Thursday, May 15, 2014

Las Tablas Creek

Met at 0830 off Los Osos Rd S of San Luis Obispo and drove north to Vineyard Rd at Templeton, then west on Hwy 46 to Santa Rosa Creek Road. Clear and hot today, light wind, maximum temperature around 90 F. Grass is all dry S of San Luis Obispo, mostly still green but drying in the upper Salinas Valley. Took Santa Rosa Creek Rd NW to the head of Rocky Creek at Black Mountain summit. The upper part of Rocky Creek near the base of Black Mountain has shaded shallow pools with undercut root bases, and looks very suitable for Taricha, especially since the creek flows S across hwy 46 and joins Santa Rita Creek. It does so by veering away from Santa Rosa Creek Rd to the SE, and runs for 3/8 mile in a deep canyon. This should be checked, although there are several houses along the road nearby at the S end.
Continued NW over Black Mountain summit, and took the dirt road 0.3 mi. N that is variously known as Adelaida Summit Rd or Cypress Mountain Rd (neither is appropriate). This climbs to the Santa Lucia divide in serpentine then enters a long NW-trending tributary of Las Tablas Creek on sandstone and shale bedrock. Batrachoseps minor is known from the first mile or so of this road on the E side of the crest, with a rocky creek very far below in mixed woodland with a lot of madrones. One large tributary lies in a notch in the road, and this usually has water tumbling over steep jagged rocks in the winter. Today it is dry at the road, and Juliet was only able to see a couple of isolated small pools on the way down to the main tributary. Houses and fenced creek start right there, though the fence is decrepit in a number of places. The stream looks very good indeed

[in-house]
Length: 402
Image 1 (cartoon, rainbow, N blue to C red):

for Taricha in the next mile or so, with numerous pools 10-15’ across and up to 30’ long, over 2’ deep in places. Lots of overhanging root masses, and fair numbers of trout. No newts today. This deeply-shaded canyon with alders goes for about 1.2 miles NW until serpentine shows up again and the valley broadens out with digger pine and blue oaks replacing alders, madrones and white oaks. A site called 7X Ranch occupies the mouth of a large tributary about half way down, and about ¼ mile beyond that there are some deep bedrock pools where Juliet saw a large adult red-legged frog. Saw no tadpoles anywhere today, nor pond turtles nor snakes. Drove out past Klau mine onto Vineyard Rd and took Dover Creek Rd W to the bridge at Jack Creek. Still water here, barely flowing, but probably too open for newts. Returned to San Luis Obispo via hwy 1 at 1400, Juliet has to pick up her daughters from school at 1430. There sure are a lot of places that look good for newts that don’t have any – there has to be some way to try to get a handle on that. Going out in this very dry year helps define minimum criteria. The tedious way would be to score up physical features of each drainage and run a principal components analysis of newt vs. no-newt sites. If you could establish that there is no subset of features that makes a stream suitable for newts (as seems likely from the range of places we’ve looked at [what makes Las Tablas Creek different from upper San Simeon Creek, for example]). Then the conclusion would be that accidental historic factors play a dominant role. This is not very satisfying, but it may be the best we can get.

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